And here is where the play forces the audience to examine the nature (and consequences) of such fervent, blind faith: Will is the only character who believes in something. Anna says that she attends a Lutheran church and says that she believes in Jesus, but for her it seems to just be something that people do. They go to church, they believe in Jesus. It’s not something that defines her, or even that she thinks about much. It’s comforting without having any real meaning behind it. Pauline believes in money, in the corporate mission. She took a store that was 6 months away from closing its doors and made it profitable. She doesn’t care what people believe or do, so long as it doesn’t affect her bottom line and she doesn’t have to report on it to corporate. Leroy has his art, but wearing shirts with sayings like “Cunt” and “You Are Meat” seems more a celebration of confrontation with people who don’t share his point of view than any sort of meaningful belief system.
Will on the other hand is the picture of faith and obedience, and it’s destroying his life. Although he wasn’t charged in the young man’s death, he was forced to leave his home and his church. He’s homeless and working thankless minimum wage retail. Although we don’t get a lot of information about Will’s relationship with Alex’s mother, there is at least some suggestion that his fanaticism may have impacted the events leading to him being adopted by another family. Will also reveals that he was very close to the young man who died and that he was the one who informed the pastor of the young man’s crisis of faith. When Will reveals this to Alex, his son accuses him, “You told on him.” Will has stayed strong in his faith, and everything in his life has fallen apart around him.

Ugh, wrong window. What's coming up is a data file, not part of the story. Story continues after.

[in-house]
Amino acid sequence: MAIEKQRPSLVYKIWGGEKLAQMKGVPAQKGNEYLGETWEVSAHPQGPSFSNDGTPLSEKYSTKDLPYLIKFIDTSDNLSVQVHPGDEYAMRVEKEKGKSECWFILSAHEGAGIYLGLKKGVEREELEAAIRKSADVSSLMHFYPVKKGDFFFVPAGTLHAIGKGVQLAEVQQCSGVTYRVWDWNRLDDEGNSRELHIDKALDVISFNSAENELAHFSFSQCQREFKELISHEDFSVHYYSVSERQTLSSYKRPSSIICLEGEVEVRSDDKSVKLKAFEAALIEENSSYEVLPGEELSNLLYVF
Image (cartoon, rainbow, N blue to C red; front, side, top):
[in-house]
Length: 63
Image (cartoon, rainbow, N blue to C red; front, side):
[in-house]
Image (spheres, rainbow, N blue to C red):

And there is no improvement. His inability to, as Anna suggests to him, “just believe something else” ruins his budding friendship with her; instead of forming a lasting bond with his son, Alex attempts suicide because he sees Will’s fanaticism and Leroy’s lack of purpose or belief as the only two options available to him. His faith gives him meaning, where none can be found in his life. When Alex asks him why he still believes in God, Will replies, “Because without God, then I’m just a terrible father who works at Hobby Lobby and lives in his car.” The painful irony in this moment is that Will can’t see that without the unyielding nature of his beliefs, he might not have been a terrible father, or working at Hobby Lobby, or living in his car. If his faith allowed him to give some attention to this world, instead of just the next, he might have been able to repair some of those relationships and make a different life for himself. We might judge the other characters for not having any strong beliefs, but we must also judge Will for what damage his ironclad beliefs have wrought.
A Bright New Boise is a an acidic little show with lots of dark comedy and some big questions. The cast all give dynamic performances, and the show really makes the best of the small performance space. I highly recommend this piece for anyone who wants to be challenged by their theatrical experience. This is not a fluffy piece of entertainment and requires some serious thinking, both during and after.
The show runs tonight and next Thursday – Saturday, April 9-11. Tickets are $15 in advance ($17 at the door) with a 7:30 pm showtime. Limited seating is available, so get those tickets early! If you miss this show, it might be the end of the world…if you believe in that sort of thing.
Tags: Anna Pieri, apocalypse, Belief, Bright New Boise, Chris Berg, Christopher Olsen, Darin Kerr, Doomsday Cult, Heaven, hell, Hobby Lobby, Jackson Holm, Janessa, Janessa J, Janessa J Champagne, Janessa Jaye, Janessa Jaye Champagne, Miss Jaye, Religious Fanaticism, Samuel D. Hunter, Separated At Birth, The Rapture, World of Champagne